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I'm getting more messages from people who are receiving shocks from faulty LED lights - especially flood lights.
The problem is caused by internal arcing that occurs in LEDs when they are part of large series strings being driven by high voltage supplies. When the LED fails open circuit it starts to arc and track internally, often causing flickering of the light in the process.
Because the aluminium substrate LED panels have an extremely thin layer of insulation between the copper and aluminium, it is easy to damage it when an LED burns up, especially the newer directly mounted flip-chip LEDs. This results in a conductive path to the aluminium, which may not be grounded.
The thin layer of insulation also causes unusual effects when people touch ungrounded LED lights with the switch on the neutral, and the LEDs glow because the person touching the ungrounded light provides a ground path for capacitively coupled current from the LED panel.
With the high number of improperly grounded LED floodlights coming into the country via direct import or from distributors who have not tested their imported products properly, the risk of shock from outdoor lights (and some indoor lights) is increasing. This introduces a few secondary hazards. A metal fence or structure that the light is mounted to may become live, any shock from a light at height could result in a fall and the effects of rectified DC current leakage may affect the ability of some RCD/GFCI devices to trip, and may also prevent tripping when AC leakage occurs from another fault/shock.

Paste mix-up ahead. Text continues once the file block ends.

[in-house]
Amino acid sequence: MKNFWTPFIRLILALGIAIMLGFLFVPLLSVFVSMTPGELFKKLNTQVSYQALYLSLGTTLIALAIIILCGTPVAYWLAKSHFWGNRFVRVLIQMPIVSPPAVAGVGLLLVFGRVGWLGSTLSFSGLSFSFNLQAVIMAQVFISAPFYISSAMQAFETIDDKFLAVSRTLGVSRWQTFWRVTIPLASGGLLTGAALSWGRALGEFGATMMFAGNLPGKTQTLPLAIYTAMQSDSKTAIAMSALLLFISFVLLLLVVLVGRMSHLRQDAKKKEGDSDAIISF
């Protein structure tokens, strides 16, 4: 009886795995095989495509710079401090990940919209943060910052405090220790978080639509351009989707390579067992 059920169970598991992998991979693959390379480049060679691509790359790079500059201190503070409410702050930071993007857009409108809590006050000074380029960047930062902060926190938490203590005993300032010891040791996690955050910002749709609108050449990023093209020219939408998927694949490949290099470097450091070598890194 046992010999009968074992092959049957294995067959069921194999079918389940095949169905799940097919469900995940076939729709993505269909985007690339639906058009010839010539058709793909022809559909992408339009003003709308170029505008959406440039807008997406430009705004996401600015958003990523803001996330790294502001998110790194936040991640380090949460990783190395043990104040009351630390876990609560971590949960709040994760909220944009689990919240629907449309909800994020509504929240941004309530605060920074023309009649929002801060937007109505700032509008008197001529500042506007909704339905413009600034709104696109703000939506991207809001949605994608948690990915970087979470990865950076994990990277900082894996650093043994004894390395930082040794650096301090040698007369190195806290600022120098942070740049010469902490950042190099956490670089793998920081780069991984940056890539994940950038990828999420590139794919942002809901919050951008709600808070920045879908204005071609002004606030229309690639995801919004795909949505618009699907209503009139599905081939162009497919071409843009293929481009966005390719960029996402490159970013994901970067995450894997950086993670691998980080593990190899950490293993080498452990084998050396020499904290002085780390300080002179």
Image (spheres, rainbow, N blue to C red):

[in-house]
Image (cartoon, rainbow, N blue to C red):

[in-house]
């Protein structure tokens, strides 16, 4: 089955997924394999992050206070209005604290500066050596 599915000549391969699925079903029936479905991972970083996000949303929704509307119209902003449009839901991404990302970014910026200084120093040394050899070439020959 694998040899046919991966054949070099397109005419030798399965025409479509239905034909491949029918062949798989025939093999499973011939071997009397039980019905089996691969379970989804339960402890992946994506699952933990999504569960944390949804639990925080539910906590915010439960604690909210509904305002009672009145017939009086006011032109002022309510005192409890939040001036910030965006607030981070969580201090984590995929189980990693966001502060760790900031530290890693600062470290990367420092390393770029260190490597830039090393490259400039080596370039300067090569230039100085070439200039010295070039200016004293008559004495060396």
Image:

I'd recommend that extra precautions are taken to fully isolate faulty metal cased LED lights before working on them, and if there is any doubt about the power source then insulated gloves should be worn and work should only be done in dry weather.
I'd also recommend that the ground integrity of lights is properly tested, and lights with flimsy copper coated aluminium flex have it replaced with something more appropriate if possible.
It's best to source new lights from prominent suppliers in your country that have a reputation to uphold. That automatically excludes most eBay and amazon sellers.
The circuitry on this panel was unusual. It was either an attempt to implement discrete intensity toggling, or to vary the current regulation according to the position in the sinewave.
In this instance the separate LED packages themselves had burned clear before the substrate had been significantly damaged. A 500v insulation test showed it was intact.
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This circuit board was sent for our perusal a while ago by michael he'd had it in a light and it failed, and it did that usual thing - that the leds all crack and burn out. But it's quite an interesting circuit board and i'll show you the enlarged form of this, since i have not had to take anything apart, it's all ready for photography. So, let's zoom in on this and we'll take a look at the circuitry. We have the incoming supply.